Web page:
We are continuing our series on the core leadership competencies needed to navigate an environment of constant change. Change that is defined as volatile, uncertain, complex and ambiguous (VUCA). So far we’ve looked at Interpersonal Savvy, Organizational Agility and Dealing with Ambiguity. This week, we’ll take a look at Managing Complexity, which we define as:
A focus on achieving results while minding multiple factors including ones like geography, risk, media attention, government regulation & diverse communities.
With so many colors of spring around us, we were inspired to take a colorful and artistic approach to our discussion of this leadership competency. Take a look at the painting above - A Sunday Afternoon on the Island of La Grande Jatte by Georges-Pierre Seurat. Or imagine any of the famous impressionist works of Monet, Cassat, Renoir or Degas. When you are up close to any one of these paintings (most often of an ordinary subject matter or scene), you will notice the detailed intricacies of the color palette and brush stroke textures. However the colors, strokes and masterful composition can’t be understood or fully appreciated unless you step back from the painting to see how each of these detailed elements come together to create the entire scene. And when you then step closer to the art again, you gain an even better understanding and appreciation of the complexity of the masterpiece.
Like in art, when managing complexity, we must get up-close and take a wider view. And as leaders we must embody every element of Leading Women’s definition of leadership -- Using the greatness in you to achieve and sustain extraordinary outcomes by engaging the greatness in others.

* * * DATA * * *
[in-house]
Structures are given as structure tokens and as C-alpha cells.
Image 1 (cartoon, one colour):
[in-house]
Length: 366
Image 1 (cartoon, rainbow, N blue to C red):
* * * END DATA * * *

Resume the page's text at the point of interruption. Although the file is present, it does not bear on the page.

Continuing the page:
Our up-close view of any challenge, or complex situation, must first and foremost be grounded in our knowledge of the business. We must know how it all fits together - the structure, strategy, financials, regulations, customers and colleagues. Each of these elements, or levers, were designed to intricately and purposefully fit together. Therefore, when navigating change, your up-close understanding will equip you to know how each adjustment, tweak or change impacts the overall situation. Your ability to understand the complex details depends on your leadership strengths in Personal Greatness and Business/Strategic/Financial Acumen (The Missing 33%TM) elements of the Leading Women definition of leadership. This up close view depends on your personal skills, experience, knowledge, comfort in taking risks and drive for results.
When managing complexity, we must also remember to take a step back and look at the bigger picture. Taking a wider view allows us to consider the overall environment, potential risks, outside influences, and the people, resources and stakeholders who may be able to help with a solution. It often opens opportunities for innovation, inclusion, collaboration, and teamwork. Your willingness to take this view, and collaborate with those around you or those related to the situation demonstrates strength in the Engaging the Greatness of Others element of our definition of leadership. Your ability to recognize and invite others who may have different perspectives or answers to address whatever complexity you may be facing, demonstrates leadership that is both innovative and inclusive.
Let’s remember to not always define complexity as a problem to be solved, but rather a masterpiece to value.
- Image: A Sunday on La Grande Jatte (1884) by Georges Seurat. Original from The Art Institute of Chicago.
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